A neuroscientist says there's a science behind parents forgetting and leaving their kids alone in cars.
Wesley Chapel, Florida - Most parents have no intention of ever leaving their child behind in the car on purpose. A Tampa neuroscientist says it can happen to anyone and he says there's a science to why they legitimately forget.
No one knows that better than Wesley Chapel grandmother Sue Boe. She used to wonder how a parent could forget their most precious cargo. "At least I would think, 'You people are probably neglectful,'" she says. "'You probably don't care about your kids, maybe you're high on drugs or alcohol or something.' That was really my first thought."
All that has changed now since she lost her granddaughter Kate. "Life was good for the family and then there was a change in their routine."
That change in routine is what cost the 5-month-old her life. Boe says, "Normally my son would take the baby to daycare, but on this particular day my daughter-in-law needed to take her. So my son put the baby in the back seat of the car... the baby normally always falls asleep as soon as the car starts moving."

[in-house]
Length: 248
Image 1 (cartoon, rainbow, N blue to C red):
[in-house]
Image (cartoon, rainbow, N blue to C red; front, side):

Scientists are studying how people can leave kids in cars, and there might be some help from technology.
That's what happened on June 28, 2006. Kate fell asleep as her mother ran errands and then drove to work, where she remained for eight hours. It was 78 degrees that day. The mother even drove to the daycare to pick Kate up, not realizing the child's lifeless body was still strapped into her car seat.
Boe says CPR was performed, but Kate didn't survive. Kate would be 8 years old now.
USF Neuroscientist Dr. David Diamond says there's a science behind it. "It's the parent that more typically on that day might be going straight to work, and so their brain habit system is now following that more traveled route, and that habit system is so powerful that it actually suppresses a separate, more independently brain system that's supposed to remind them that there's a child in the car."
Dr. Diamond and Boe agree that technology in our vehicles could be the answer to saving lives. Diamond says, "We have reminders to put the seatbelts on... we need to have it built into cars in some way."
Here are some tips and advice to prevent the deaths of children in hot cars.